New Captain Aboard Lake’s Largest Boat

By Beacon Staff

LAKESIDE – It’s 2 o’clock on a Wednesday afternoon, and Art Burch is piloting the Far West south along the western shore of Flathead Lake for its daily afternoon tour. The sun is shining and the wind blows hard, kicking up a few whitecaps on the water, but the Far West’s size cuts through the waves smoothly: At 64 feet long and 24 feet wide, it is the largest vessel with a home port in Montana, a size Burch describes as, “a really big boat or a really small ship.”

From his vantage point behind the steering wheel on the boat’s second level, the view spans from the grand homes along the western shore to the shadows of clouds on the mountains east and south.

“You’re so high in this boat that you see it in a way that you can’t from any other boat,” Burch said.

Passengers Christine Wilson, left, and Tom Wilson enjoy the breeze and view of Flathead Lake from the bow of the Far West during a cruise from Lakeside.

In June, Burch began offering charters and tours on the Far West, a boat that has been a fixture on Flathead Lake since 1971. Twice a day, visitors can board the boat for a two-hour tour, leaving out of the Lakeside Marina. At $15 for adults and half that for kids, it’s among the least expensive ways to get out on the water for those without their own boat. Charters for special events, like wedding or parties, are also available at $395 per hour for weekdays and $405 per hour on weekends.

Burch is leasing the boat from the Flathead Lake Lodge through what he called, “a mutually beneficial agreement.” Beginning in March, he worked with a crew of four to bring the Far West, which hasn’t operated since 2005, up to compliance with current regulations by completing cosmetic restoration work on the hull, adding a new fuel tank and rewiring from the old generator to a new one.

“I haven’t changed hardly anything,” Burch said. “Due to the clean, fresh water, the boat is in extremely good physical condition.”

That was in evidence on this day, as the Far West’s dual 225-horsepower diesel engines thrummed steadily, powering the boat across Flathead Lake. Just nine people had signed up for this tour, giving the kids on board the run of the boat. Burch acknowledged customers have been sporadic for the tours so far.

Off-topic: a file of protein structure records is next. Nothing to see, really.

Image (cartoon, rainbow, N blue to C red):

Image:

“From a business standpoint, we expected it to be slow to get it back up and running,” he said, adding that he plans to keep the prices low, and make most of his money from charters. He is also optimistic about running the boat out of Lakeside, which he called, “the perfect location.”

“The whole town of Lakeside has been real positive and welcoming about having the boat here,” Burch said. “We’ve gotten a lot of support.”

Vice Admiral Art Burch welcomes passengers aboard the Far West as the cruiser leaves port in Lakeside for the open waters of Flathead Lake.

He has other ideas for the Far West, from dinner cruises catered by The Docks restaurant, to offering discounted trips to local schools or camps, to science-themed cruises, where experts can discuss the biology and geology of the lake and mountains.

Burch is also booking musical acts for evening cruises on weekends. With beer, wine and soda available from the on-board bar, he is confident the Far West can contribute to Lakeside’s nightlife, particularly when visitors can step off the boat from an evening cruise and walk to dinner at The Docks restaurant.

“I think it’s going to be a real destination place, kind of like downtown Whitefish in the summer,” Burch said.

The boat itself was originally called the Retta Mary, named after the wife of its builder, Jim Schaffer, who completed it in 1971 in a Polson field. It was harbored there until it began operating as part of the Flathead Lake Lodge in 1980, when it was renamed the Far West after a famous Missouri River steamboat, according to Burch.

Burch comes from a long line of Montana boaters. His grandfather bought the boating concession in Glacier National Park in 1938, and his family has been running it ever since.

“My wife and I operated the Many Glacier location for 20 years, before selling out our interest in 2006,” Burch said. “After being away from the tour boat business for almost five years, I decided I wanted to get back on the water.”

Art Burch hangs a Montana state flag from the stern of the Far West, a 64-foot cruiser, before heading out from the Lakeside Marina.

As Lakeside comes back into view on the return leg of the tour, Burch is clearly in his element.

“I just love doing this,” he said, smiling slightly. “Just to get out; it’s wonderful.”

For more info on Far West tours, visit www.flatheadlakeboattour.com.

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